State and politics
Senegal's constitution was adopted in 2001. The executive
power is exercised by the president, whose term of office
under the Constitution is to be five years but which after
the 2007 elections was increased to seven years. In 2016, a
referendum was held in which a proposal for a return to five
years was approved. The rule has been applied since the 2019
elections. The president, who can be re-elected once,
appoints a prime minister and together they appoint the
government. In May 2019, Parliament voted to abolish the
Prime Minister's post.
The legislative power is exercised by a single-chamber
parliament, the National Assembly, whose members are elected
for five years. Prior to the 2017 election, the number of
seats was increased from 150 to 165. The 15 new members will
represent the approximately 500,000 Senegalese living
abroad. 105 of the seats are elected by majority vote in
each constituency and 60 by proportional elections from
national lists. A second chamber, the Senate, was
reintroduced in 2007 but was abolished again in 2012. The
voting age is 18 years.
Senegal is a relatively well-functioning and stable
democracy. Also see AbbreviationFinder for abbreviation of SG and its meanings of Senegal. The country's political life after independence
was dominated by Léopold Sédar Senghor, president 1960-80.
From 1966-74, his Union progressiste sénégalaise (UPS)
was the only permitted party, after which a maximum of three
parties were allowed for a few years. Senghor withdrew from
politics in December 1980, and in 1981 Abdou Diouf (Prime
Minister 1970-80) was elected President. Shortly after
Diouf's takeover of power, all obstacles to party formation
were eliminated. Although there have been a large number of
parties since then, two have dominated: Diouf's party
Party Socialist du Sénégal (PS, formerly UPS) and the
liberal Party Democratique Sénégalais (PDS), led
Wade broke PS's monopoly of power when he defeated Diouf
in the 2000 presidential election; Wade was re-elected in
2007 with 56 percent of the vote. The Sopi-dominated
Alliance Alliance, dominated by PDS, took clear victories in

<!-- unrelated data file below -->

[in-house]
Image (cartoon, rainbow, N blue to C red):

the 2001 and 2007 elections.
The 2012 presidential election was preceded by
controversy when 85-year-old Wade declared that he intended
to run for a third term, even though the Constitution does
not allow it. Wade argued that the rule did not apply to him
because it was created after his entry and the candidacy was
approved by the county constitutional court. However,
popular musician Youssou N'Dour was not allowed to perform.
In the first round of elections, Wade received the strongest
support with 35 percent of the vote, which, however, was not
enough to avoid a second round of elections. In this, Wade
received an almost equal share of the votes, but the
opposition snapped up against the counter-candidate Macky
Sall, who resigned with the victory with 66 percent of the
Sall was a long-time member of the PDS, but in 2008 he
founded the Alliance pour la République (APR-Yaakar)
party which, before the 2012 parliamentary elections, merged
with smaller opposition parties and formed the alliance
Benno Bokk Yakar ('United in Hope'). This defeated the
PDS by a wide margin. In the 2017 election Benno Bokk Yakar
received 125 out of 165 seats. Second largest with 19 seats
was Wade's Alliance Winning Coalition Wattu Senegaal.
Of the elected MPs, 69 (42 percent) were women.
The presidential election held in February 2019 was
preceded by political controversy. Two of the candidates
considered to be able to challenge incumbent President Sall
if power was banned from running for election. It was partly
the popular Khalifa Sall (born 1956), who in 2018 was
sentenced to prison for misuse of public funds and was
deprived of the mayor's office in Dakar, and also Abdoulaye
Wade's son Karim Wade (born 1968). The latter was sentenced
in 2015 to six years in prison for corruption and the
Supreme Court justified the decision not to allow him to be
nominated for presidential post by being sentenced to more
than five years in prison.
Macky Sall won a clear victory with 58 percent of the
vote already in the first round. Two came former Prime
Minister Idrissa Seck (born in 1960) (21 percent).
The legal system in Senegal is mainly French inspired.
Civil Law, Criminal Law, Civil Procedure Law and Criminal
Procedure Law. However, traditional domestic custom, largely
influenced by Islam, plays an important role in certain
areas of law. The death penalty was abolished in 2004; the
last execution took place in 1967.
Heads of State
||Leopold Sédar Senghor